bwbar -k -t 1 -d bwbar/ -f inbound.txt -p inbound.png --output eth1 1000 bwbar -k -t 1 -d bwbar/ -f outbound.txt -p outbound.png --output eth0 1000 wget -O resp.txt http://192.168.233.177/?up=6&dn=30
A simple GET-http request containing the values as parameters, e.g. http://192.168.233.177/?up=6&dn=30, is sent to a basic webserver listening on the first Arduino. Once the values are received by the microcontroller, they're parsed to integers and transferred over a I2C/TWI-bus to the second LED-driving Arduino.
The second Arduino is the LED-driver and is responsible for updating and driving the strip. It had to be on a separate device because the ethernet-shield requires SPI, as does the LED strip, and there's only one hardware SPI-interface. It might be possible to put everything on one device and address ethernet/strip when needed, but I decided it was too time consuming to look into at the moment. The update rate of the LED strip could also suffer (as the 3-bit colors are controlled by PWM and require processor cycles).
strip.setLEDcolorPWM(i, 0, 255*bright, 0); // parameters: LED-index, R, G, B color
Download the shell script:
- Download Linux monitor update script - Requires bwbar, screen, wget, and the usual Unix essentials
Download the Arduino source code:
- Download Arduino Ethernet Web Server Interface - 2012-01-01 rev3
- Download Arduino LED Driver - 2012-01-01 rev3 - Requires the HL1606-LED-Strip-PWM LED-Strip-PWM library to be installed (put in library folder)
A 5V 2.5A powersupply is powering the LEDs and the Arduinos. The maximum driving current for one 2.5-inch section is unknown, but the Adafruit product page states 120mA for 2 LEDs including the HL1606 (which seem a bit high to me).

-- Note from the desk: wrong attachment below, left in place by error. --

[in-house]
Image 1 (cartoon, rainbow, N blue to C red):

I have yet to measure the actual current draw.
I wanted to make the monitor bars to be huge and as long as possible to get satisfactory resolution. To fit the space on the wall, I ended on the final dimension of 2 meters long and 15 cm height. That's 2x64 LEDs for download and upload monitor bar, 100/64 = 1.6 LED per percentage-point.
To mount the LED strips, I first made a 2 meter long baseplate out of 10 pieces of 15x20 cm plexiglass plates glued together using regular CA-glue. Drilled holes for each 20 cm section, pulled fishing string through the holes, put double sided adhesive padding on the strip, and tighned the string to get a firm fit. Remember, the LED strips is hang vertically and gravity will pull the strips down over time so adhesive only will fail.
Using 4 hooks and double feed of fishing string, the entire plate with the two Arduino devices and LED strips was lifted into place. The assembly is hanging 8.5 cm away from the wall to give a cool effect.
The only wires connected to the assembly is 5V power and an ethernet cable connected to a network-switch.
Shows the bandwidth meter in action. Shoot on a Nikon D5000, soundtrack "Caribou - Sun Altrice's 'Only What You Gave Me' Remix".
- Use UDP instead of initializing a HTTP connection every time to update
- One Arduino instead of two
- One cable, power-over-ethernet, might need to cut traces on ethernet-shield